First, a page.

But last year, I heard several Bookstagrammers talking up The StoryGraph, and after a while I decided to check it out.
And Readers, I was sold on it.
The StoryGraph was founded by a British Black woman, Nadia Odunayo, who was frustrated by Goodreads’s clunky functionality and lack of updates (it’s been basically the same interface since 2012), so she decided to create her own alternative to Goodreads. After spending months researching what other readers and bloggers wanted (and weren’t getting) from Goodreads, she developed a website that is clean, functional, and provides spot-on recommendations. It’s an ethical company owned only by Odunayo and one other partner (and they pay their taxes, unlike Amazon) that is constantly adding features based on user feedback, and tweaking other features to make the site even better. For example, you can’t rate or review a book unless you’ve marked it as “read”, so people can’t just give a book one star because they don’t like the author. If you decide not to finish a book, you can mark it as such without it sitting on your To Read pile or being incorrectly marked as ‘Read’. You can also provide a reason why you didn’t finish it, which helps other readers decide if they want to read it or not.
While Goodreads claims it’s a ‘social media’ site, that’s not the goal of The StoryGraph. Yes, you can follow other readers and they can follow you, but there are no messaging or comment sections. Odunayo did this on purpose because she didn’t want her site to become yet another social media site. I appreciate this, because while I don’t mind if some random person follows my sporadic reviews, I don’t enjoy getting random nasty comments from people who haven’t actually read my reviews.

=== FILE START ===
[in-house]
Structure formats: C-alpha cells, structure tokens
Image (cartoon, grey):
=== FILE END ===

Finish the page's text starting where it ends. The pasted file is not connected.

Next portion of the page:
Now let’s talk about the data. The StoryGraph gives you a comprehensive layout of things like genre, pacing, mood, and length, as well as a graph that develops over the year to show your books read and page count through the year:
This was my 2020 chart. It’s off by three books because when I imported my data from Goodreads, it wasn’t a perfect import and I couldn’t be bothered to track down those last three books for the year. I can really see how the hot months of summer affected my reading. I can also see that I was writing more than reading in February, and my stress levels in November (thanks, US elections….).